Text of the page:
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Shrubs For Dummies

Last week I took a shrub-making class, lead by Jennifer Colliau of Small Hand Foods and Aaron Gregory of 15 Romolo.

Jar of shrub before vinegar_tn
(Blueberry-Raspberry-Thyme Shrub Ready for Vinegar)

 The class was co-hosted by CUESA,  Center for Urban Education about Sustainable Agriculture, who puts on the Ferry Building Farmer's Market, farm tours, and educational events and Urban Kitchen, a group that hosts affordable, single-purpose classes and workshops themed around the DIY Slow Food concept. 

Jen and aaron shrub class_tn
(Jennifer Colliau and Aaron Gregory)

Here is what I learned: 

The word shrub comes from a Persian word for a syrup with citrus and fruit in it, which is  also the base of the word sherbet. Originally, shrubs did not have vinegar in them, but as they spread around the world they began to incorporate it. Why? Because Persia had citrus fruit and other countries did not. Citrus provides the acidity that helps preserve these syrups, and so does vinegar, which can be made from non-citrus fruits. So vinegar was a citrus substitute. 

That explains why we see some recipes for shrub syrups with and some without vinegar. Blueberries, for example, need the extra acid; pineapple does not. I had always wondered about that. Mystery solved. 

Aaron gregory shrub class_tn

Furthermore there is a separate type of shrub related to the switchel. According to Colliau, the switchel dates back to Roman times. It was water mixed with vinegar and perhaps sugar that was used to hydrate the slaves. Wikipedia seems to pick up the trail of the switchel as it enters nascent America, where it was used similarly for hydration rather than as a preservative syrup. 

Fruit for shrubs_tn

Making Shrubs, Fast and Easy

They made it incredibly easy for us to make our own shrubs in this class. They put out a bunch of berries, stone fruits, herbs, and spices. We filled mason jars with our selection of them. Then we poured hot vinegar to fill the jars. 

Scooping vinegar2_tn

Done. Next we wait a week, giving the jar a little shake each day. Then we add sugar and stick it in the fridge -ready to drink! 

I made a blueberry-raspberry-thyme shrub and a strawberry-pepper-coriander shrub. I CAN'T WAIT TO DRINK THEM!

Shurbs in jars_tn

Vinegar tip: Colliau says don't use distilled white vinegar, use wine/champagne or fruit vinegars. Be wary of apple cider vinegar as the flavor can be overpowering. 

Thanks for a great seminar guys. To San Franciscans: check out the activities calendar for more booze and food event with both CUESA and Urban Kitchen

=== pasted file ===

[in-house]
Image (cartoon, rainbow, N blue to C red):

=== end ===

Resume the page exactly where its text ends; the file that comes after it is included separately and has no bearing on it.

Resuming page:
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How much syrup do you actually get out of one of those quart jars? Looks like a lot of fruit but maybe not a ton of liquid...

Camper English

I can tell you on Thursday- that's when I dump the fruit and add the sugar.

Jacob S

Over the last few weeks, I've been making shrubs using a no-heat method and a basic 1:1:1 weight proportion of fruit:sugar:vinegar. I've noticed (and it is obvious that this would be the case in hindsight) that some fruits are able to dissolve more sugar -- berries more so than cherries. You mentioned that certain fruits take more or less sugar, from which I inferred you had seen a lot of recipes for these shrubs. Could you point us to a source of more recipes and writings on shrubs?
By the way, the cherry shrub, after the week of steeping in vinegar, tastes amazing and has a great noyaux odor.

Camper English

For these ones I am adding the sugar after the fruit/berries are removed.

Recipes: Here is one-

And here is another

I don't know if you'll find a collection all together - they're scattered about the internet.

Colonel Tiki

Don't forget to look for "drinking vinegars," as they are also sometimes called. A close friend has had a local business making them for years:


The strawberry pepper shrub is a real nice call. Can't wait to hear your feelings of the final product. Any thoughts as to how you may employ these bad boys?

Camper English

The strawberry peppercorn was particularly delicious- a subtle peppery finish.

To use them, you can just dilute with soda water. You can also just serve mixed with dry vermouth or fino sherry. And in cocktails, think of it as the acid/citrus agent in the drink.

Camper English

Oh and out of the 1 liter jars (4 cups) I got 2 cups of shrub liquid, to which I added 1.5 cups sugar. I forget what the total volume was after adding sugar but let's guess 2.5 cups.

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